Select Page

Studies into Factors Limiting the Abundance of Okanagan and Wenatchee Sockeye Salmon

To determine, and ultimately address, factors limiting the abundance of the two principle Columbia Basin sockeye stocks.

Project Goal

To determine, and ultimately address, factors limiting the abundance of the two principle Columbia Basin sockeye stocks.

Impacts

Increased production of sockeye salmon in the upper Columbia River.

Background

Sockeye salmon have declined the most of any Columbia Basin salmonid species since the mid-1800’s. Despite this decline, historically there has been far less done to study, or propagate, this species. This has changed in the past 20 years. Although the bulk of sockeye research and propagation funding has gone towards Snake River sockeye salmon, there has been increasing interest in other sockeye salmon stocks. Despite this interest, and large sockeye runs to the Okanogan Basin in the past two years, much remains unknown about factors limiting sockeye salmon abundance in the Okanogan and Wenatchee basins. In 2006, we began a PSC funded study of upstream passage through the hydrosystem by PIT tagging sockeye salmon at Bonneville Dam. In 2009, funding for this study transitioned to the MOA and an additional project began to study factors limiting abundance of Okanogan and Wenatchee sockeye salmon. This project is particularly timely due to the interest in restoring Okanogan sockeye to subbasin lakes upstream of Osoyoos Lake as well as the lack of response of Wenatchee sockeye salmon to a hatchery program over the past two decades. In addition, mid-Columbia PUDs have sockeye mitigation responsibilities from which we may be able to leverage additional funding.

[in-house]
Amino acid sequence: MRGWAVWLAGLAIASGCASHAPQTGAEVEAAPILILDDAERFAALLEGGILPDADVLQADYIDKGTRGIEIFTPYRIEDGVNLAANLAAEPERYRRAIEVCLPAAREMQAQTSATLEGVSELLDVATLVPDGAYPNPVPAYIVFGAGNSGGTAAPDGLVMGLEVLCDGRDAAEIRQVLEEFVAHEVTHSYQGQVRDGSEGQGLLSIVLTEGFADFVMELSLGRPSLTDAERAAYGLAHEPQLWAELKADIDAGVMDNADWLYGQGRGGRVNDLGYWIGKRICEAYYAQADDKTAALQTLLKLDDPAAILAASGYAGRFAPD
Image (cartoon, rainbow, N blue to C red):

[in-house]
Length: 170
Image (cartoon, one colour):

Project Tasks

  1. Conducting acoustic and trawl surveys in Lake Wenatchee to estimate sockeye smolt abundance.
  2. Installing an acoustic receiver network in the Okanagan Basin and acoustic tagging sockeye salmon at Wells Dam to estimate survival in this reach.
  3. Installing a PIT tag receiver upstream of Osoyoos Lake for survival estimates.
  4. Meeting with YN and WDFW biologists to plan actions for the Wenatchee stock.

Pin It on Pinterest